The investigator took her word for it, Moss said. In fact, Williams was caring for two toddlers.

Welch said he believes shoddy case work also contributed to the May death of 15-year-old Stephanie Dorismond, who police say was beaten on the head with a porcelain toilet lid by a 36-year-old man with whom she was sharing a Biscayne Boulevard motel room.

Records show a DCF worker closed an investigation into Stephanie's safety in less than a week, even though the teen had run away from her mother's home and had not been found.

Records show no one even looked for Stephanie.

''If that case had not been closed, she wouldn't have died,'' Welch said.


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Postby Marina » Fri Nov 02, 2007 6:40 pm



State report criticizes Sarasota foster care agency

Posted on Tue, Oct. 30, 2007
The Associated Press

TALLAHASSEE, Fla. -- The community-based child welfare agency partially blamed for losing track of a 2-year-old foster child could lose its $72 million annual contract with the state if certain problems aren't corrected, a new report said.

The Sarasota Family YMCA, once held up as a model of privatizing social services in Florida, must change its culture of arrogance and acknowledge its part in "creating or perpetuating problems" or risk losing its contract next year, a Department of Children & Families review team said in the report, which it planned to present in a public meeting Tuesday.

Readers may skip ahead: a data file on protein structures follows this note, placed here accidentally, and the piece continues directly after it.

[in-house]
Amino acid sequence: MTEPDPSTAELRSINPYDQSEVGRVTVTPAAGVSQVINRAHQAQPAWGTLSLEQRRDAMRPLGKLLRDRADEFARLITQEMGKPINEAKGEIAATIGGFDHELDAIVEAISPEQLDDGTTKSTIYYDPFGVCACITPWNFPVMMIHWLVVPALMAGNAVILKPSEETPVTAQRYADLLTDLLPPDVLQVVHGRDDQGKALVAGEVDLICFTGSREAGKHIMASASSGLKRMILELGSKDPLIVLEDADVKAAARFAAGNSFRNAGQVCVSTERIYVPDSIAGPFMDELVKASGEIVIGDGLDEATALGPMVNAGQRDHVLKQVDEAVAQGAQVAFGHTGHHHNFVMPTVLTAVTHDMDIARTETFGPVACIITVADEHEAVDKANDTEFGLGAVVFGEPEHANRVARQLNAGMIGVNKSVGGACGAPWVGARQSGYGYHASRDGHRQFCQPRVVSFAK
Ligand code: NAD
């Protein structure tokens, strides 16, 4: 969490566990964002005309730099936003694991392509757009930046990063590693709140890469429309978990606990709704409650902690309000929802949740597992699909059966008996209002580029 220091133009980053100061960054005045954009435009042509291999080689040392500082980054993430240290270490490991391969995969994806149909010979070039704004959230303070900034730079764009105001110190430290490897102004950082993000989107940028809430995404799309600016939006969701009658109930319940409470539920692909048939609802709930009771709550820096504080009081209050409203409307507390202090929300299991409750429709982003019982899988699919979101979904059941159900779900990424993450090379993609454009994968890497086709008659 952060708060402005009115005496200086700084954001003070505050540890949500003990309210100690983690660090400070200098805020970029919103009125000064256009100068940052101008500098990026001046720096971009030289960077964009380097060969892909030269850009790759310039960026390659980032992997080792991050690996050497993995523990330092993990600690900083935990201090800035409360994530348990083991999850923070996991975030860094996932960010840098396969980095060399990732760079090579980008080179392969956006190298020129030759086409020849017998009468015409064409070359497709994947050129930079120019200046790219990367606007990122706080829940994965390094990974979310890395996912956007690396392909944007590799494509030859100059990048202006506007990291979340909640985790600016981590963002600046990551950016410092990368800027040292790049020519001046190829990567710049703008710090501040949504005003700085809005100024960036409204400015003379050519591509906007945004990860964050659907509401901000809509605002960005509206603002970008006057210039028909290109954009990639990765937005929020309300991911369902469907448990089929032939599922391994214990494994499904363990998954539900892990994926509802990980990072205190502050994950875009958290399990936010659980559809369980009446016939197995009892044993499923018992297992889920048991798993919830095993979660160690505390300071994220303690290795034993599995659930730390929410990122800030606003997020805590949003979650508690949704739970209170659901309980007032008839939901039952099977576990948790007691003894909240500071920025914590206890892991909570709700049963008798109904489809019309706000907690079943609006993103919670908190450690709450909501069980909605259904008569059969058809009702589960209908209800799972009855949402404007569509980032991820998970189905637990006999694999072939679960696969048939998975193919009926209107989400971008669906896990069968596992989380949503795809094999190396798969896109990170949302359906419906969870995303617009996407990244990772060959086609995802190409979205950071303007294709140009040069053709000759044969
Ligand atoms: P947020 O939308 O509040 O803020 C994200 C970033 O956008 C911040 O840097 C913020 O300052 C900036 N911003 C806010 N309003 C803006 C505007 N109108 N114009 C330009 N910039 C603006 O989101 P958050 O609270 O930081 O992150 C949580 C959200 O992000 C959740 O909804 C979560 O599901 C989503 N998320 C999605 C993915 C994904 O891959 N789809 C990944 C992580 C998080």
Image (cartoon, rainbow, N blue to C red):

The Sarasota Family YMCA oversees foster care for the state in Sarasota, Manatee, DeSoto, Pinellas and Pasco counties. It lost track of 2-year-old foster child Courtney Clark, whose disappearance wasn't reported by child protection workers for four months, a DCF investigation showed.

Courtney's mother, Candace Clark, 23, violated a court order in September 2006 when she took the toddler from a central Florida foster home, authorities said.

Police eventually found the child safe June 14 in a Portage, Wis., home where a severely injured and malnourished 11-year-old boy was hiding in a closet. They found the body of the boy's mother buried in the yard. They also found other endangered children in the home, including Courtney's sister.

Candace Clark, two other adults and a 15-year-old girl have been charged with killing the woman and abusing the 11-year-old boy.

A review found that DCF and the Sarasota Family YMCA made a series of errors in handling the case. The agency is implementing changes to prevent similar missteps, including assigning specific employees to track missing children.

The new report said changes at the Sarasota YMCA must begin with attitude and improving relations with community members and businesses who provide foster care services. They feel the YMCA management is defensive, arrogant and retaliatory against anyone who criticizes or disagrees with the agency, the report said.

"The review team was in unanimous agreement that if the culture and attitude does not change, they cannot recommend renewal of the (state contract)," the report said. "However, there was not agreement on how long change might take."

Sarasota YMCA Chief Executive Officer Carl Weinrich said that while he was surprised by the allegations of arrogance and defensiveness, the report was generally "balanced."